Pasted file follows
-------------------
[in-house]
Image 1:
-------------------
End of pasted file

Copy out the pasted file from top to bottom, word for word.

[in-house]
Image 1: